Software Integration – Fundamental to Effective Management

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In the book, Tools and Weapons:  The Promise and Perils of the Digital Age” by Brad Smith, President of Microsoft, the major theme is that the benefits of technology come with a commensurate risk.

One of the problems golf courses are encountering today is that they depend on multiple independent software vendors.  Many do not integrate into the central Point of Sale System.

There are a lot of possible interfaces to a POS system, including but not limited to:

  • Credit card processing, i.e., Clover by Clover Connect, Card Connect by Fiserv, Deluxe Payments by First American through Worldpay, and Sound Payments by Pax
  • Online tee time, lesson, and dining reservations
  • Thirty-party booking engineers, i.e., GolfBack
  • Website Merchandise Sales via Stripe payment
  • Marketing/Email Inventory driven by POS database, i.e., PitchCRM
  • Report Writer/Query Tool, i.e., Microsoft Business Intelligence, Oracle Query
  • Inventory Open to Buy with purchase orders
  • Range ball tokens
  • Tournament and Outings Contracts/Invoices/Payments
  • Catering
  • Food and Beverage POS
  • Food and Beverage Consumer Ordering and Payments, i.e., Clover
  • Virtual Consumer Apps, i.e., Digital Punch Cards
  • Golf Handicaps

There are two challenges.  First, each independent processor adds to the administrative workload level to reconcile.  The second conundrum is that many vendors are trying to tap into the revenue stream of golf courses in exchange for their services, i.e., credit card processing, barter, etc.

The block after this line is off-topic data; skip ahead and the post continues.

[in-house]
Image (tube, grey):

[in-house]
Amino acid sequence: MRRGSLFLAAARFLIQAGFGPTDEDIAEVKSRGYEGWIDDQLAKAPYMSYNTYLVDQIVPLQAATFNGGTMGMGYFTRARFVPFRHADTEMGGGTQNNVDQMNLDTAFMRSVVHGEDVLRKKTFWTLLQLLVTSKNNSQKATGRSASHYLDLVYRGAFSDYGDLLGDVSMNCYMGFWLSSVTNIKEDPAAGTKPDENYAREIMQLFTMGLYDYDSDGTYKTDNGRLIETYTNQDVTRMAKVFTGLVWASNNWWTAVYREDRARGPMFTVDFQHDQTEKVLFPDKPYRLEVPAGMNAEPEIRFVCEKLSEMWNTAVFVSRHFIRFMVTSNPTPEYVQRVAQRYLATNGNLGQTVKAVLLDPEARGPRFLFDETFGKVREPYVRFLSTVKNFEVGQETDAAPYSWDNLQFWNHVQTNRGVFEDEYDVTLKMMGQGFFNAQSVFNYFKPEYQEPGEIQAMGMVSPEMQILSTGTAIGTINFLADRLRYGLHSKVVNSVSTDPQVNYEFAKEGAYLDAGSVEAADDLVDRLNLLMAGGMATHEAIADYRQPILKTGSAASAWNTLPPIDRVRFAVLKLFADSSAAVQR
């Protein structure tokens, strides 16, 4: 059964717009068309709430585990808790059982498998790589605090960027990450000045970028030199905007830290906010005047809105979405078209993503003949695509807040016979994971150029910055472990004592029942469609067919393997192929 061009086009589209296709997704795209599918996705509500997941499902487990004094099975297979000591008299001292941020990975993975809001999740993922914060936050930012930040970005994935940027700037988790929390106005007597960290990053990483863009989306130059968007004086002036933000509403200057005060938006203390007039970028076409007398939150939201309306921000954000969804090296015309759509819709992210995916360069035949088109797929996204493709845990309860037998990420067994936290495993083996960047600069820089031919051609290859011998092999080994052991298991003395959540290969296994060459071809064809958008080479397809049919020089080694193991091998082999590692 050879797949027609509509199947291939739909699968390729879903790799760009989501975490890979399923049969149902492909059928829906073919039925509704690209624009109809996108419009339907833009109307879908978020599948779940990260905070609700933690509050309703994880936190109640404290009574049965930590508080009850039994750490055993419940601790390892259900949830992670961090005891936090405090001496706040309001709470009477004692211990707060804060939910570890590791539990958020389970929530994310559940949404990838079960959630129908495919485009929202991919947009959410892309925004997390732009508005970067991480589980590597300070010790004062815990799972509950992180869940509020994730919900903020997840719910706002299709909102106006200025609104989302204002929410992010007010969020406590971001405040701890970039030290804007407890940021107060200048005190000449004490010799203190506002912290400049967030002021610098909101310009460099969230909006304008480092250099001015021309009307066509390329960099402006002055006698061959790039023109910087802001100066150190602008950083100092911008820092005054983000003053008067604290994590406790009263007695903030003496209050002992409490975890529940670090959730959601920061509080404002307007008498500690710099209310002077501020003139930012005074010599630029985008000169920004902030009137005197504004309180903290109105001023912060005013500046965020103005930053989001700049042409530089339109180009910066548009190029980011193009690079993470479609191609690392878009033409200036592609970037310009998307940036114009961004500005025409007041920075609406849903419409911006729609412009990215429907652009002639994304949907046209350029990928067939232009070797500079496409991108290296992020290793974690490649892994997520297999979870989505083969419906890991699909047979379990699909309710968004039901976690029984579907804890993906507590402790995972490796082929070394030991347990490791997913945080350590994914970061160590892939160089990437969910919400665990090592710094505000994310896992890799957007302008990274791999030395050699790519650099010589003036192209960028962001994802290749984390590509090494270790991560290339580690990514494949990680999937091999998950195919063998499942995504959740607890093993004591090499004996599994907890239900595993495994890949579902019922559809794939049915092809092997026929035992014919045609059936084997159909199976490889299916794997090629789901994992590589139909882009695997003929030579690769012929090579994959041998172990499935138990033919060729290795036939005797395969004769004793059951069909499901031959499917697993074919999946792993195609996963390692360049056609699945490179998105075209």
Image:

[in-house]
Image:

In our December 2022 blog, I Should Know Better.  Still, I Can’t Resist – JJKeegan+, I chronicled how GolfNow appears to be utilizing the credit card process as an additional revenue channel for themselves.

For the industry, that raises the question of what is the cost of the software license vs. the expense of credit card processing?  Are software vendors up-charging for providing a credit card interface masking the actual cost of their solution?   In all likelihood, the golf software vendor generates more revenue from the markup on their credit card interface than the core functionality of their software.

Some believe that in all industries, the Point of Sale software is priced assuming that the POS vendors make money on credit card payments. They claim that decreasing the independent software vendors’ surcharge for credit cards will increase the license price.

What is reasonable?

For the software vendor, providing interfaces to multiple gateways is expensive.  One firm we interviewed stated that they have two full-time software developers incurring $250,000 annually in salaries to ensure the stability of payments for their clients.  Every time the third-party processor changes their interface requirements, it is incumbent on the golf software provider to update its software.  Should they not be compensated for such?

Thus, it is not unreasonable for golf software vendors, i.e., Club Prophet, ForeUp, and Lightspeed to provide a single option for credit card processing.  The programming and support cost of maintaining multiple third-party gateways far exceeds the current price golf software vendors are charging to license their software.